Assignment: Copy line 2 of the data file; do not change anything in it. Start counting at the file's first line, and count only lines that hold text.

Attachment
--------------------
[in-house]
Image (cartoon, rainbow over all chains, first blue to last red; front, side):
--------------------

Image (cartoon, rainbow over all chains, first blue to last red; front, side):